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Nation Makes 'Upskirt' Photos Illegal

Newser — Bob Cronin

Taking a photo under a woman's skirt until now has brought only a small fine in Germany, which hasn't been much of a deterrent. "That is why we are closing a major criminal liability gap," said a spokesman for the ruling legislative coalition.

The offense will now fall under criminal law; in addition to a fine, conviction can bring up to two years in prison, DW reports. The crime often happens in crowds.

"There are people who distribute tiny cameras in public toilets to watch and film women," often putting the images online, an activist said. The law applies to photos of bustlines, as well.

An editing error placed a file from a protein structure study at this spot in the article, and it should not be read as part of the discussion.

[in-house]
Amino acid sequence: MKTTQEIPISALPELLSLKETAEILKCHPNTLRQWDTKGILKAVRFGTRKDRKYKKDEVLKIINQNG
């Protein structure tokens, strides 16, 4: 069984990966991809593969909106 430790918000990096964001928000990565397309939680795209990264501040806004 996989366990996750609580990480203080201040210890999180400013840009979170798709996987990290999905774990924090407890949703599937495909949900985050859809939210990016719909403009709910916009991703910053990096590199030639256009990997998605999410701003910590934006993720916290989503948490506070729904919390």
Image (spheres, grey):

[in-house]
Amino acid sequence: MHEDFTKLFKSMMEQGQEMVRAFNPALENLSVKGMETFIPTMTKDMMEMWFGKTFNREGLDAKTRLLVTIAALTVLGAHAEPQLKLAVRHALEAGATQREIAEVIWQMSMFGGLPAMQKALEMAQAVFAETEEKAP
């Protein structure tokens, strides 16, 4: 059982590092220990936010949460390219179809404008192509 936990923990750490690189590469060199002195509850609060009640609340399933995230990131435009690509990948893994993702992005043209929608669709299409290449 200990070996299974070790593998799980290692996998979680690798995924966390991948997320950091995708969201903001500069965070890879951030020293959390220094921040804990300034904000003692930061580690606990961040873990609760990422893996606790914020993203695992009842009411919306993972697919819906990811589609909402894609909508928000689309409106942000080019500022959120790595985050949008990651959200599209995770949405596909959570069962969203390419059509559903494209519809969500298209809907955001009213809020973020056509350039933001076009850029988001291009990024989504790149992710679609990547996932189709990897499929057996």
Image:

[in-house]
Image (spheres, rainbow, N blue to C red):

A person on an escalator could be acting as if they're on a cellphone, he said, while they instead are "photographing or filming your breasts." England, France, and some US states have approved similar laws in recent years.



A 28-year-old woman who's been a victim of "upskirting" launched a drive to change Germany's law. The second time it happened to her was more than a decade ago, per Reuters, when she was at a festival at age 16.

"The perpetrator told me that it was my fault because I wore a skirt, so I would have wanted him to do it," Hanna Seidel said.

Feeling unsafe, she didn't wear dresses or skirts for years. Legislators cited the impact on victims in announcing the new law. Seidel said teachers often tell young girls to avoid wearing skirts.

"It's a double trauma: first something horrible happens to you and then additionally—you're blamed for it," she said. Another activist said that the offense should be classified as an act of sexual violence and that "this must also be reflected in the punishment." (It's happened to Miley Cyrus.)

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